Traditional reporting and traditional OLTP apps are still going to be the majority of development. If you disagree on my OLTP statement, who do you think is going to be GENERATING all of the data that 99.99% of these new grads are going to be mining? It takes multiple OLTP apps to generate one data warehouse worth mining, after all.

office software and the gaming industry are basically at market saturation level

So you think from here on out no new games are going to be developed? We'll just keep porting Tetris to new environments?

Re:RTFA (1)

Marxist Hacker 42 (638312) | about 5 years ago | (#27230205)

Traditional reporting and traditional OLTP apps are still going to be the majority of development. If you disagree on my OLTP statement, who do you think is going to be GENERATING all of the data that 99.99% of these new grads are going to be mining? It takes multiple OLTP apps to generate one data warehouse worth mining, after all.
 
I don't necessarily disagree that reporting and OLTP are big. I do disagree that these require *development*. Instead, to a large extent, OLTP and traditional reporting are just reinventing the wheel- one can just slightly modify an open source program, change the UI and port to a new platform, and whammo, you've got your OLTP and traditional reporting.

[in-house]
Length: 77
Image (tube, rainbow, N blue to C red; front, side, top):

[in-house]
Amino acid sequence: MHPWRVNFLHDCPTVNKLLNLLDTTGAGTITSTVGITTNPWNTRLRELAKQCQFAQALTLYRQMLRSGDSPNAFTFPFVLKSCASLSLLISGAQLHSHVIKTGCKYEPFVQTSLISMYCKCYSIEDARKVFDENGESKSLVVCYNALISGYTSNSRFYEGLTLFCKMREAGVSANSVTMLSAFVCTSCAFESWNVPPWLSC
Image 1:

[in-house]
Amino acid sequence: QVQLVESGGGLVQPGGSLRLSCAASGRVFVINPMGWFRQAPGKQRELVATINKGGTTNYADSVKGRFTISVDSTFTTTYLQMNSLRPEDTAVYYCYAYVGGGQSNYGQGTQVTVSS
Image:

So you think from here on out no new games are going to be developed? We'll just keep porting Tetris to new environments?
 
More like Doom to new environments. Or rather, it seems that most of the video games that sell these days fit into narrow categories- FPS, Role Playing, Sims, or Puzzles. And Puzzles- like tetris and it's millions of clones- the one area of video games which requires NEW development- is losing big time in the market to the other three. You can only get so complex and still have something playable.

Re:RTFA (1)

bubbha (61990) | about 5 years ago | (#27230371)

OLTP and traditional reporting are just reinventing the wheel- one can just slightly modify an open source program, change the UI and port to a new platform, and whammo, you've got your OLTP and traditional reporting.

whammo is the operative term here....jeeze

Re:RTFA (5, Insightful)

Nursie (632944) | about 5 years ago | (#27229137)

"In other words, for the type of *real programmer* who isn't on a team and does everything from Requirements Gathering to QA (and everything in between) your job is STILL threatened by outsourcing."

What sort of a real programmer isn't on a team these days?

Any serious sized project has a team. And believe me, good software engineers are still very sought after.

Re:RTFA (1)

Marxist Hacker 42 (638312) | about 5 years ago | (#27229337)

Anybody working as the only developer in a company of less than 40 people.

That's getting a bit rare, since contract programming is getting so cheap, but it's the situation I'm best in. Luckily, it's what I landed in this last round- after my contract with Intel went tits up in the last round of 90% decrease in net profit, my contracting company, which usually does only internationalization jobs, suddenly realized that they had a bunch of back-office proprietary software that needed updating, and nobody to do it.